Use whatever protocol makes sense for your physical setup. If you're unsure of what to use, you can try one, attempt to print a test page, and then try a different one in the case of failure.

The next screen asks for human-friendly details about the printer. This is mostly for your reference. Enter a name for the printer that makes sense (I usually use the model number, but large organizations sometimes name their printers after things like fictional starships or capital cities), a description, and the location.

You may also choose to share the printer with other computers on your network.

CUPS web UI to share printers

Figure 2: CUPS web user interface to share printers.

If sharing is not currently enabled, click the checkbox to enable sharing.


On the next screen, you must set your printer driver. Open source drivers for printers can often be found on There's a good chance you already have a valid driver, as long as you have the gutenprint package installed, or have installed drivers bundled with the printer. If the printer is a PostScript printer (many laser printers are), you may only need a PPD file from rather than a driver.

Assuming you have drivers installed, you can choose your printer's make (manufacturer) for a list of available drivers. Select the appropriate driver and continue.

Connecting to a shared printer

Now that you have successfully installed and configured your printer, you can connect to it from any other computer on your network. For example, suppose you have a laptop called client that you use around the house. You want to add your shared printer to it.

On the GNOME and Plasma desktops, you can add a printer from the Printer screen of Settings:

  • If you have your printer connected to a computer, then you enter the IP address of the computer (because the printer is accessible through its host).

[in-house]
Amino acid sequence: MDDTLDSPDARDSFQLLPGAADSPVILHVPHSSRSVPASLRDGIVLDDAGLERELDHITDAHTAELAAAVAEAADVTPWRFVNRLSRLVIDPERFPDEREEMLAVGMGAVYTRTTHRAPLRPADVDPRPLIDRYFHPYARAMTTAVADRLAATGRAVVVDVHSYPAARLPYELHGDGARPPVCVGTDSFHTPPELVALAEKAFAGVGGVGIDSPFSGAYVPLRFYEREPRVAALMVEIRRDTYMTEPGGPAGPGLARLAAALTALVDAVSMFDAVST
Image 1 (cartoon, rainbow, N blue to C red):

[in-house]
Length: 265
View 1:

• If you have your printer connected to a switch or router, then enter the IP address of the printer itself.

On macOS, printer settings can be found in System Preferences.

Alternately, you can keep using the CUPS interface on your client computer. The process to access CUPS is the same: Ensure CUPS is installed, open a network, and navigate to localhost:631.

Once you've accessed the CUPS web interface, select the Administration tab. Click the Find New Printers button in the Printers section, and then add the shared printer to your network. You can also set the printer's IP address manually in CUPS by going through the normal Add Printer process.

Print from anywhere

It's the 21st century! Put the USB thumb drive down, stop emailing yourself files to print from another computer, and make your printer available to your home network. It's surprisingly easy and supremely convenient. And best of all, you'll look like a networking wizard to all of your housemates!

What to read next
Seth Kenlon
Seth Kenlon is a UNIX geek, free culture advocate, independent multimedia artist, and D&D nerd. He has worked in the film and computing industry, often at the same time.

Comments are closed.

Creative Commons LicenseThis work is licensed under a Creative Commons Attribution-Share Alike 4.0 International License.